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PRODUCTION OF ETHANOL FROM FRUIT WASTES
Transcript of PRODUCTION OF ETHANOL FROM FRUIT WASTES
Increase in the need of petroleum results a remarkable rise in prices. Therefore require to discover alternative cheaper sources for fulfillment of worldwide demand. Hence the main objective is to develop easier techniques by using cheaper source for the production so that the common people can also produce it by themselves.
Once such technique is production of Bio-Ethanol, an alternative to the present petrol and diesel, from fruit wastes by using Saccharomyces Cerevisiae. Production of Ethanol fermented from renewable sources for fuel or fuel additives is known as Bio- Ethanol. Since the need of bioethanol has been increasing, the production of bioethanol must be increased using cheaper and eco-friendly raw materials. For this purpose, Fruit Wastes were taken as a substrate for the ethanol production with use of microorganism called Saccharomyces Cerevisiae.
Ethanol has been described as one of the most exotic synthetic oxygen – containing organic chemicals because of its unique combination of properties as a solvent, a germicide, an antifreeze, a fuel, a depressant and especially of its versatility as a chemical intermediate for other organic chemicals
There was the energy crisis in 1970, which led to the development of low - cost, sustainable and renewable energy resources such as ethanol.
Many investigations have been carried out in extracting Ethanol in economical way among which Green and Shelef (1989) and Schugerl (1994) had given the greater contributions by using municipal wastes.
MATERIALS AND METHODS
MATERIALS : The chemicals that are used in this research are 5% potassium permanganate, 50g sucrose, 1g urea, Saccharomyces cerevisiae strains, different fruit wastes such as apple, banana, papaya and grapes. Equipments used are hot plates, incubators, distillation unit and hydrometer.
PREPARATION OF THE SUBSTRATE FOR THE FERMENTATION: About 200g of Fruit wastes such as apple, banana, papaya and grapes were weighed seperately and were taken in different beakers, which was washed with 5% potassium permanganate solution and then rinsed with distilled water. Apple waste, Banana waste and grape waste, papaya waste were crushed separately in a mixture and collected in beakers. 1g of urea, 50g of sucrose and 10g of Saccharomyces cerevisiae was mixed well in warm water in a separate beaker.. Now the two mixtures are taken together in 1.5 liter conical flask and fully filled with distilled water.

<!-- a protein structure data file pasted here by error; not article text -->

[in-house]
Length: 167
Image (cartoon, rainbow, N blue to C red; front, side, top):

Now the sample is subjected to the fermentation process. This is repeated with all other fruit mashes. The initial specific gravity of the mixture was determined by using hydrometer. These flasks containing different fruit waste samples were kept in an incubator at 36 degree celsius.
During fermentation process, ZYMASE, an enzyme from yeast changes the simple sugars into ethanol and carbon dioxide. During incubation, specific gravity of the sample was noted frequently by using a hydrometer. When the specific gravity reaches a steady value, it indicates the end of the fermentation process. The incubation period varies for each fruit waste sample.
Now the small amount of each sample is taken and cetrifuged and subjected to distillation to collect ethanol from different fruit wastes. At last, this solution was subjected to iodine test to confirm the presence of ethanol.
Comparative Studies of Ethanol Production
from Different Fruit Wastes Using
B R VINAY KOWSHIK 4NI11ME024
RESULTS AND DISCUSSION
RESULTS AND CONCLUSION
EFFECT OF TEMPERATURE
EFFECT OF pH
EFFECT OF SPECIFIC GRAVITY
EFFECT OF CONCENTRATION
The result of this work has shown that different fruit wastes can serve as raw material for the production of bioethanol. From this comparative study, it is clear that the maximum yield of ethanol was obtained from grape wastes at pH 5.4, temperature 30 degree celsius, specific gravity 0.86, and concentration of 6.21% . Finally, comparative studies shows that grape waste has higher efficiency than other fruit wastes such as apple and banana, papaya or mixed fruit wastes.This process is cost effective and does not yield any toxic residues. Hence, it can be run as a small scale industry.
World ethanol production for transport fuel tripled between 2000 & 2007 from 17 billion to more than 52 billion liters.
From 2007 to 2008, the share of ethanol in global gasoline type fuel use increased from 3.7% to 5.4%. In 2009, worldwide ethanol fuel production reached 19.5 billion gallons (73.9 billion liters).
Ethanol is widely used in Brazil and in the United States, and together both countries were responsible for 89 percent of the World’s ethanol fuel production in 2009.
Since 1976, the Brazilian government has made it mandatory to blend ethanol with gasoline, and since 2007 the legal blend is around 25% ethanol and 75% gasoline.
Annually, the value of the wastage of fruit pulps is estimated at a whopping Rs. 20,000 to Rs. 50,000 crore. Hence, these fruit wastes were opted to extract Ethanol.